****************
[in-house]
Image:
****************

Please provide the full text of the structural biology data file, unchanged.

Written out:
[in-house]
Image: